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The annual public letter from Bill and Melinda Gates has become a much-celebrated event in the global development calendar. But lost in the excitement around this year’s letter is the fact that it uses 6,000 words to paint a picture that is so selective in its use of facts that it amounts to little more than propaganda for a failing aid and development industry, and indeed a failing ideology.

And the 2017 letter is especially striking for just how out-of-sync it feels with the zeitgeist.

Government external debt payments reach highest level in the last decade following commodity price falls and rising value of the US dollar
Figures released before US Federal Reserve meeting where interest rates are expected to be increased again, which will push debt payments higher

Figures released today by the Jubilee Debt Campaign, based on IMF and World Bank databases, show that developing country debt payments increased by 45% between 2014 and 2016 [2]. They are now at the highest level since 2007.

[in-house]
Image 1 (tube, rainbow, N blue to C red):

A new issue of the South Bulletin places a focus on the US “border adjustment” tax being planned, a new protectionist device that could devastate the exports of developing countries and cause American and other foreign companies to relocate.

New evidence is deepening scientific fears, advanced few years ago, that the Middle East and North Africa risk becoming uninhabitable in a few decades, as accessible fresh water has fallen by two-thirds over the past 40 years.

This sharp water scarcity simply not only affects the already precarious provision of drinking water for most of the region’s 22 countries, home to nearly 400 million inhabitants, but also the availability of water for agriculture and food production for a fast growing population.

Recent disturbing trends in international finance have particularly problematic implications, especially for developing countries. The recently released United Nations report, World Economic Situation and Prospects 2017 (WESP 2017) is the only recent report of a multilateral inter-governmental organization to recognize these problems, especially as they are relevant to the financing requirements for achieving the Sustainable Development Goals (SDGs).


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